Trump Admin Is Taking Sides — Will Stand With Baker Who Refused to Bake Cake for Same-Sex Wedding

A three-judge panel of the Colorado Appeals Court ruled in 2015 Christian bakers cannot refuse to bake wedding cakes for same-sex couples, regardless of their own religious beliefs.

The ruling was against Jack C. Phillips, owner of Masterpiece Cakeshop in the Denver area. Phillips refused to bake the cake in 2012 — marriage licenses were not issued to same-sex couples in Colorado until 2014.

The U.S. Supreme Court announced in June it will hear the case against Phillips.

As reported by CNN on Friday, the Department of Justice has filed a friend-of-the-court brief with the court, urging it to side with Phillips.

In the brief, Acting Solicitor General Jeff Wall compared forcing Phillips to bake a cake with several other examples:

Forcing Phillips to create expression for and participate in a ceremony that violates his sincerely held religious beliefs invades his First Amendment rights.

The government may not enact content-based laws commanding a speaker to engage in protected expression: An artist cannot be forced to paint, a musician cannot be forced to play, and a poet cannot be forced to write.

Steve Vladeck, CNN Supreme Court analyst and professor at the University of Texas School of Law, said while the Justice Department’s filing of an amicus brief isn’t unusual, the “substance” of this one is:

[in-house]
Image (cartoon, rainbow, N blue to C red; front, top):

“It’s not unusual for the federal government to file an amicus brief in such an important constitutional case. What makes this brief unusual is its substance.

It’s practically unheard of for the Justice Department to argue in favor of a constitutional exemption to antidiscrimination laws — a constitutional right to discriminate. But that’s exactly what this brief is doing.”

In a 2014 “religious liberty” case, the Supreme Court ruled in favor of the Christian owners of Hobby Lobby, saying the Affordable Care Act provision requiring family-owned companies to pay for contraception violated a federal law protecting religious freedom.

Oral arguments in the case will likely be held during the court’s fall term.